The pros and cons of going mobile only
In the Doud household, there is an ongoing debate. Those of us who are mobile technology enthusiasts are trying to trim an extra $50 of fat off of our monthly bills, and those of us who are…well, my wife is adamantly refusing to tell AT&T where it can go shove its landlines. Don’t get me wrong, she has some solid points (which I’m going to call “cons” but I love you, honey – as if you’ll ever read this.) But there are some real pros to the issue as well. So let’s break them down here, M.C. Hammer style.
First of all it should be mentioned that your mileage may vary with all of this. My house is in the suburbs, not exactly underneath a cell tower, but not in a wasteland of coverage either. We get, what I would call adequate coverage in my house, which is to say no dropped calls, until you go into the basement family room. Then, you better not be in an “I’ve fallen and I can’t get up” type of situation or you’re pretty screwed.
Of course, this is the first con. You may have dead spots in your house. We certainly do. Obviously, hard lines don’t suffer from this limitation, so there is something to be said for stability and reliability. Worth $600 a year? I’m not so sure.
Have you ever set up an email account dedicated specifically to spam you get from signing up for garbage you don’t want but you’re trying to win a Nexus 5? I have two of them. I use my landline for signing up for stupid junk like Qdoba rewards cards et al. It’s like a spam filter for telemarketers. This makes my argument for killing the line that much more tragic – we hardly ever answer the dang thing. For that reason alone, I has all the sadz.
The other argument is for visitors. We often have child care providers come by when mommy and daddy
are bring driven insane want to get out for a bit, so what about them? Well, when you look around, pretty much everyone over the age of 10 has a cell phone. What’s more, they all have smartphones of one kind or another. So there’s a pretty good chance whoever is coming to stave off watch the kids while we try and regain our sanity go out is going to have a phone.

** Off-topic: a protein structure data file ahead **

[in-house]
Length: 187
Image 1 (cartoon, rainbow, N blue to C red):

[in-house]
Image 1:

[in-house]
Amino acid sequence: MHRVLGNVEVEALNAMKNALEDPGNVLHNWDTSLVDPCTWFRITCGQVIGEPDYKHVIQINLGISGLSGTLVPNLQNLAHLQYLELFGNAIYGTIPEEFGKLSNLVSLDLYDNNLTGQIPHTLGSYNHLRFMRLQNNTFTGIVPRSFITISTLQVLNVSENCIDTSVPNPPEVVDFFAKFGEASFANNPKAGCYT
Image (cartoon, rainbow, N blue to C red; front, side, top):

What’s your emergency?
But even if not, and you happen to be in the US (where I live) neither a SIM card nor an activated cell phone is necessary for contacting emergency services. I can’t speak for if this works in other countries, but it works here, as our four year old was kind enough to point out one day. Sure the baby sitter can’t call us if my seven year old decides it’s a good idea to put G.I. Joe in the blender, but they can call 911, which I’d rather they do anyway. The good news is, I’m a mobile tech guy, so there is no, nor will there likely ever be a shortage of old cell phones laying around to summon the authorities.
What’s one more line?
Speaking of old phones laying around, that’ll lead us quite nicely into the “Pros” section of our lesson today. AT&T is currently running a deal that I will most likely be switching to that gives you unlimited talk and text and 10GB of data to share for a family. Each phone is $15 assuming you’re off contract/unsubsidized (there are some other limitations I’m not clear on, but the “unsubsidized” part is relevant here). So for an extra $15 (which, last I checked is less than $50) we can have a third line lying around the house. God forbid if the blender incident occurs, we are just a speed dial away after all.
Always in touch
The other nice thing about ditching the landline is you get to carry your “landline” with you all the times. It’s like you’re never out of touch – which granted for some is a pro and a con. But I for one am all about being connected. No one has to wonder where to call me. I haven’t even given out our landline number to anyone who doesn’t share a last name with me. Why would I? Everyone I know knows how to get a hold of me. If I’m in the basement, they text me.
Did I mention texting? Who really talks any more? Maybe you haven’t noticed, but texting is a much more common practice, at least around me. Now truth be told, I think that’s a tragedy. I much prefer speaking with people than typing at them. Heck, if I could, and if it wouldn’t bore you to tears, I’d deliver these editorials to you, spoken word style. But the world is what it is. It’s a vast network of tapping thumbs, and that very much does not fall into the landline paradigm. It strengthens my argument, so I shall embrace it.
What about you loyal readers? Have you told the phone company to go bugger off yet? Why or why not? Are you happy about it, or are you itching to go back? Sound off below and give me some ammunition for my arguments with the boss-lady. Just be gentle – my couch isn’t that comfortable.